Throughout my years as a published author, I’ve participated in various mentoring programs. This past weekend at the Space Coast Writers Guild Conference. I was assigned to mentor three writers for a total of six hours. This being my first such experience at a conference, I wasn’t sure what to do. Guidelines would have been helpful, but I was out there on my own. So I started by asking my subjects how far along they were in the writing process and what they wanted to learn.
The eager writers were nearly done with their manuscripts and wanted to hear writing tips and how to submit their work, where to find agents, what to do in terms of author branding. So we talked about all of those topics. Then they gave me about 30 pages each of their work to read. It would have been helpful to have had those pages emailed to me before the conference, because after going all day from around 9 to 7 or so, I wanted to relax. But I diligently read through and critiqued their manuscripts that evening.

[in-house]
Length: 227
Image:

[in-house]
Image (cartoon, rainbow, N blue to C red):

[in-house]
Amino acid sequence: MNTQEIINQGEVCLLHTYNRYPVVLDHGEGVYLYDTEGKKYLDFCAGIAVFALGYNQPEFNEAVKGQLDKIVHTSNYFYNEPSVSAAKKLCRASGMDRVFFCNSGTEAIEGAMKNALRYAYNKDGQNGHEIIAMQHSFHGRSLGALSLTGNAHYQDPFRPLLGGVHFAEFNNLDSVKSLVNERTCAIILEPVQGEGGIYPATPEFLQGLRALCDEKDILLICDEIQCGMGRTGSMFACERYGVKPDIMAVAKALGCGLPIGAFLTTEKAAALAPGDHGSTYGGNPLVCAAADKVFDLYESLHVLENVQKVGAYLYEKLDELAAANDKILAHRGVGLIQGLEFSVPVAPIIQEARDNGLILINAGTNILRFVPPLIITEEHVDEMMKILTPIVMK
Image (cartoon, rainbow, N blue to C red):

SUNRISE ON THE BEACH
LOIS WINSTON AND NANCY COHEN
Each person wrote fantasy or science fiction so we had those elements in common. That was up my alley since I write sci fi and fantasy romance in addition to cozy mysteries. As for the basics of fiction writing, it doesn’t matter what genre you favor. The principles are the same.
When I read their work, I found the world building blocks to be solid. The problems they shared involved pacing in the first chapter.
Either I found too much backstory repetitively entwined through the current action, with snippets of dialogue from prior conversations running through the protagonist’s head in the middle of a fight scene, or prolonged chit chat between characters that could be shortened. In a couple of cases, I suggested moving up the beginning to the point where my interest really kicked in.
These are not uncommon problems. I’ve revised my own openings endless times, haven’t you? And nowadays, when on Amazon potential readers can sample your first chapter and determine on that basis if they’ll buy your book, these first few pages are critically important. This experience also shows why it’s good to work with critique partners who can view your opening from an objective perspective and tell you if it works or not. So here are the basic points I’d like to reiterate about first chapters: